Saturday, January 7, 2012

Brands, Budgets, & Bankability Still Don’t Explain Why Studios Are In Crisis - Part 3

In today's media world a mindset of one-step deals and the demeaning practice of sweepstakes pitching (where scribes must prepare ideas to win a job) has become commonplace. There is no shortage of competition for those gigs because good jobs are harder to find. Agents say that whenever possible, they’ve become de facto producers who take client-generated material to build packages with agency-repped filmmakers and cast. Studios and financiers don’t mind this, because their focus is readying tent pole films that studios feel will perform overseas.

The strain on the feature business is evident at all the agencies including CAA. That agency ended the year with a flurry of exiting agents, with rumors that others may follow in the next few months. Once famous for finding jobs for long-timers, CAA now has a partner in TPG and a long roster of agents who have built up salaries in flush days that are not currently justified in an era of diminishing returns in the movie business and less money to go around.

While global box office has become a more dominant part of the revenue stream of many studio successes, the flattening of DVD revenues created a hole that still hasn’t been filled. Shortening theatrical windows and even issuing major movies day and date in theaters and home viewing at premium price points seems inevitable, but not when major theater chains assume an over-my-dead-body position. That is understandable: the theater chains own the real estate and the screens, and they clearly will lose some moviegoers who’ll wait to rent a DVD.

Magnolia Pictures and Landmark Theater chain co-owner Todd Wagner suggested redrawing the revenue relationship with exhibitors and cutting them in on ancillary revenue streams or giving gross percentages. Which is why most of the deals at Toronto were day and date VOD-centric. The Weinstein Co launched a division dedicated to VOD releasing.

For indies, an intriguing case study happened quietly with Margin Call, the J.C. Chandor-directed financial crisis drama that Lionsgate and Roadside Attractions released in October and got on as many as 350 screens. Even though major chains AMC, Cinemark and Regal usually won’t release films that open simultaneously on VOD,  Roadside Attractions paid $1 million to four-wall the film in AMC and Landmark Theaters. The film, which cost $3.4 million to make, has grossed close to $10 million between theater and VOD receipts. The success didn’t make the theater lobbying NATO happy, and several rival distributors said that the film would have done much more business with a traditional platform theatrical release, one that would have created more awards season awareness.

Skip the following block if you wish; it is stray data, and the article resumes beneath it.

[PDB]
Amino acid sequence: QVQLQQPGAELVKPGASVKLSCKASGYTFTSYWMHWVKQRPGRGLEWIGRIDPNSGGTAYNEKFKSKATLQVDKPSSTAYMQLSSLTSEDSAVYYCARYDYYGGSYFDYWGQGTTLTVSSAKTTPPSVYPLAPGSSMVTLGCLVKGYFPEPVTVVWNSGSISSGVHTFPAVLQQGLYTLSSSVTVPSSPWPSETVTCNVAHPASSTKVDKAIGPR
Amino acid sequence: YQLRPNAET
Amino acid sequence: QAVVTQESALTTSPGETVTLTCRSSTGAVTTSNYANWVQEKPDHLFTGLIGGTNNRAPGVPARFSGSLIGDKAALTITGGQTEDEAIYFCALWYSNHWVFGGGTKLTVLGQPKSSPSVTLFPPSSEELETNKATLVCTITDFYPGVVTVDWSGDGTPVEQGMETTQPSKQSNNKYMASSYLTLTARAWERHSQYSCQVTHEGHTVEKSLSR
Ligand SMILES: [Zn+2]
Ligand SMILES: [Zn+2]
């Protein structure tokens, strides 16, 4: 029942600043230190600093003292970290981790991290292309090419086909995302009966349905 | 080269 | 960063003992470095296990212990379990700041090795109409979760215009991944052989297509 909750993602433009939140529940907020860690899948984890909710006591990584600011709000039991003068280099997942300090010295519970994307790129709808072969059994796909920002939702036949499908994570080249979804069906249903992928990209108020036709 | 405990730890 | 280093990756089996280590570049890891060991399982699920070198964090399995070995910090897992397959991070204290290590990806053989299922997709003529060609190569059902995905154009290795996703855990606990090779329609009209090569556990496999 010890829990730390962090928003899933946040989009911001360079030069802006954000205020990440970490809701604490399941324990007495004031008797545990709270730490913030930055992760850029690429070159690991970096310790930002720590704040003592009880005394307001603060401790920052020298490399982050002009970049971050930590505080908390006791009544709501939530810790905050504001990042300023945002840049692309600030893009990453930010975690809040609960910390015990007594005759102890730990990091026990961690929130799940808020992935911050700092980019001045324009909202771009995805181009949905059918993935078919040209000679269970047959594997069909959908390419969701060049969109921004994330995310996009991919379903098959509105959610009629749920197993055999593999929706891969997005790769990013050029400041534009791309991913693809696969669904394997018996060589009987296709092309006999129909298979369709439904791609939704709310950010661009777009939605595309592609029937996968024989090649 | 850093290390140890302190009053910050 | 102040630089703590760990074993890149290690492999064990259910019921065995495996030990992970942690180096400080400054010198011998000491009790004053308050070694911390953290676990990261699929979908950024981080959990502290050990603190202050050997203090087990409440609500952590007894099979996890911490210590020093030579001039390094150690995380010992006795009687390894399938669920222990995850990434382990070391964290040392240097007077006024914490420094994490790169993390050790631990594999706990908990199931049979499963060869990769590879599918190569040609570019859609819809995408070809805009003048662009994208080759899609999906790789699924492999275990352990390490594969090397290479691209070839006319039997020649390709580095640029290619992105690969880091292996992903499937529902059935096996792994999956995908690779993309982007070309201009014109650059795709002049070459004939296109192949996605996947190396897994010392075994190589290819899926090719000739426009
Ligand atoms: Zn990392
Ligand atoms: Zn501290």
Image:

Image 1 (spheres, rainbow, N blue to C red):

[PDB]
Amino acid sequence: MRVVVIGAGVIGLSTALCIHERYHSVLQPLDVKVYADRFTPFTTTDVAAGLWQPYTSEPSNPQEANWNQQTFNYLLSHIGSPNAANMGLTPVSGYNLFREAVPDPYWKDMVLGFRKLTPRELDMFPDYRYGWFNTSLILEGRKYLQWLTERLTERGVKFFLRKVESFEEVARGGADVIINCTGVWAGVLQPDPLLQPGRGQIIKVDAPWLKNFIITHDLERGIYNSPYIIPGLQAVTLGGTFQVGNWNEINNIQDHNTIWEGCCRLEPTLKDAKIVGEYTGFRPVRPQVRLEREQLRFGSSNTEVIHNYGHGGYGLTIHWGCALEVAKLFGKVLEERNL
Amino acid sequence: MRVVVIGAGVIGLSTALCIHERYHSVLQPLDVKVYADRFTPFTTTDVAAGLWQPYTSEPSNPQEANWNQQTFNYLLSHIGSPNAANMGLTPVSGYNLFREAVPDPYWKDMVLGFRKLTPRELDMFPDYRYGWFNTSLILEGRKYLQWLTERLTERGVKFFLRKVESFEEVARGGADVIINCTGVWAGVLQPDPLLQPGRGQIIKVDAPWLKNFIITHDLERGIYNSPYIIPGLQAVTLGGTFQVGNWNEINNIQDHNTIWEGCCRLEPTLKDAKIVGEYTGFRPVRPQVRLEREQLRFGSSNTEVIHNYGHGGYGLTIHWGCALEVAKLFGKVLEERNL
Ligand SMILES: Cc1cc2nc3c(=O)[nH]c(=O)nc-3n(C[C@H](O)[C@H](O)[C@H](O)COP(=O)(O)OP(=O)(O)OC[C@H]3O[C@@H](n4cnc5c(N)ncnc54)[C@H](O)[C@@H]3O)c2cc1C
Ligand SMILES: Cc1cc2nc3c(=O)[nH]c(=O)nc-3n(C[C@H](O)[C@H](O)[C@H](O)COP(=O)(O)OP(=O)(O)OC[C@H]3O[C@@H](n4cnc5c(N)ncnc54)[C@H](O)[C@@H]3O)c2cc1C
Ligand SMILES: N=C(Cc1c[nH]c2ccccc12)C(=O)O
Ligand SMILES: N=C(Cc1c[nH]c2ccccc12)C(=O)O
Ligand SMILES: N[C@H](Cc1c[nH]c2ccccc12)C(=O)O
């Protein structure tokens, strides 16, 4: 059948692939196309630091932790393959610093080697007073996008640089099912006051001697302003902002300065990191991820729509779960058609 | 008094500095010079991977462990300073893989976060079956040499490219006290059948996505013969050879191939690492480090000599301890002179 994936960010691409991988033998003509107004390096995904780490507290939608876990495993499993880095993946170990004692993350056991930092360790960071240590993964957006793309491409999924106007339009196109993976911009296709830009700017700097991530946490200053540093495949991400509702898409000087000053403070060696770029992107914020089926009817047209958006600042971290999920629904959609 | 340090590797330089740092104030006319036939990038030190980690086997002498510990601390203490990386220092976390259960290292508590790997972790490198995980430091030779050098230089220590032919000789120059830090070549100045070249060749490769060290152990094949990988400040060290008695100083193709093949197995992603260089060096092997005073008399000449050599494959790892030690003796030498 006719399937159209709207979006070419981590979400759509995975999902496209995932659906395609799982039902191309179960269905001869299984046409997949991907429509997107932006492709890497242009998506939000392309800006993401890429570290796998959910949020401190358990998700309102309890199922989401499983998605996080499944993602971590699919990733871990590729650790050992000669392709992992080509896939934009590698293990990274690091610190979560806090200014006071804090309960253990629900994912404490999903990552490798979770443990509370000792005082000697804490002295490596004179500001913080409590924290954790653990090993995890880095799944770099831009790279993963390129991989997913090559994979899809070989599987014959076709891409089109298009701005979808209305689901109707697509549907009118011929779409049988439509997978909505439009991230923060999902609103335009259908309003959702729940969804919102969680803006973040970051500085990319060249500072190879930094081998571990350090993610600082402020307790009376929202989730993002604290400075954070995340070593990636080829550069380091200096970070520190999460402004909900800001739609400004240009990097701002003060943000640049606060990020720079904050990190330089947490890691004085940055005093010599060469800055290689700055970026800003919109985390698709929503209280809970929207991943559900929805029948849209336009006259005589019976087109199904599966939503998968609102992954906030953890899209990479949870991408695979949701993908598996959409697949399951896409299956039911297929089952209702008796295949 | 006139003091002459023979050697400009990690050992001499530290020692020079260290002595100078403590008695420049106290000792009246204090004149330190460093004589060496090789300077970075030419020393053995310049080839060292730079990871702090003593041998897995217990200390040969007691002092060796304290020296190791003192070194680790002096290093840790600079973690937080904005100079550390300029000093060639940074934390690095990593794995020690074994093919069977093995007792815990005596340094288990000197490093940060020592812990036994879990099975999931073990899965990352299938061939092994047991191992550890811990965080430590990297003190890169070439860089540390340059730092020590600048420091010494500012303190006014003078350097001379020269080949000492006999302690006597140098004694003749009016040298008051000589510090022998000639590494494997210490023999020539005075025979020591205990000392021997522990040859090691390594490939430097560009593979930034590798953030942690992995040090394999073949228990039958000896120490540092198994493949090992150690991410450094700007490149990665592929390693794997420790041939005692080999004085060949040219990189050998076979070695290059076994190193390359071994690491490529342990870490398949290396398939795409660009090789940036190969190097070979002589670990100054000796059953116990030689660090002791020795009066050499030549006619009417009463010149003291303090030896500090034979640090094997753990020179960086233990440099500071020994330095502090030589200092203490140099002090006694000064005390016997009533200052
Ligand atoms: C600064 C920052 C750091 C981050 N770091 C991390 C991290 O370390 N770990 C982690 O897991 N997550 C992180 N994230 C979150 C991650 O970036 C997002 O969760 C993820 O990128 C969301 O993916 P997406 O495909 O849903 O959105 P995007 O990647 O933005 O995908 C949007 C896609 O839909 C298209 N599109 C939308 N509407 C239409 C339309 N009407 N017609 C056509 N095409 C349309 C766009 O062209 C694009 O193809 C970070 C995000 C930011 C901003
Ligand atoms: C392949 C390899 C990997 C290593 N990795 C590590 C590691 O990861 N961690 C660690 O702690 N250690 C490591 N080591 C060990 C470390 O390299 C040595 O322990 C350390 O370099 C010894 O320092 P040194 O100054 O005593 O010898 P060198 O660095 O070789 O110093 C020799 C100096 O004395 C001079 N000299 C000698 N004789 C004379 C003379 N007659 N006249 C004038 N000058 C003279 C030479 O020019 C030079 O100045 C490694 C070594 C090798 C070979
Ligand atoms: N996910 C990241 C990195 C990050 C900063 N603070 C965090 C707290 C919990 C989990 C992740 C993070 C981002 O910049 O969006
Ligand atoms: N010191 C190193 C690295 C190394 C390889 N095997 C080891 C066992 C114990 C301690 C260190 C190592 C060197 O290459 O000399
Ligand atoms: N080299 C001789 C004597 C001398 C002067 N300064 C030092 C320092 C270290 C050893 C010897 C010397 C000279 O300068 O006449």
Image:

But Margin Call insiders said that paying $10 million in P&A would have made those higher grosses very expensive and the film less profitable for a film that was acquired for about $1 million. The split with cable companies brings back 60%-70% to the film, which is better than the 50/50 split with theaters with a much smaller P&A spend. “It all becomes about the P&A. We all know that unless you can spend $20 million or $30 million, why bother?” Wagner told me. But with VOD, “you reach the entire country, cable companies promote your product through running their own spots, there is a frictionless collections process, and most importantly, I don’t have to run a TV commercial. I believe there is a huge mass of movies this model makes sense for.”

Even though the reshaping of the independent sector is already underway with day and date theatrical and VOD releases, studios have yet to find common ground with exhibitors on feature films. Moguls want to believe people would pay extra to watch films premiere at home in a timely fashion. But at what price point?

Every other media – from publishing to music to television – have responded to the digital age with new and successful revenue initiatives. It has been much harder for studios to crack that model because exhibitor resistance has shackled the majors to an arcane system where VOD and DVD releases still come weeks later. Universal Pictures chairman Adam Fogelson got shut down cold by the major theater chains when he tried to test the viability of premium VOD by offering home viewing of Tower Heist in Atlanta and Portland three weeks after the film’s theatrical opening, at $60.

This was as bold as when Disney shrank the window of Alice in Wonderland, but Disney knew what it was doing by trying with a film theaters had to have. Theaters decided they could live without Tower Heist (it turned out that many moviegoers felt the same way), and Fogelson had no choice but to scrap the test. Exhibitors were conciliatory in rejecting Universal (whose Comcast owners are clearly invested in fostering this business), but this will be a hard battle to win.

Clearly something or someone has got to give in 2012. Things could get worse for everyone in the movie biz — and not just agents – if the business keeps contracting and/or buyers keep disappearing. Summit Entertainment and Lionsgate may merge, but not if Summit and Miramax marry first. Relativity Media may not find new financing. Other companies are less publicly in trouble. The resurgence of deals at Sundance and Cannes was fueled by new buyers like Open Road and FilmDistrict which has at least temporarily left the distribution business following the exit of Bob Berney. But who knows what 2012 will bring?

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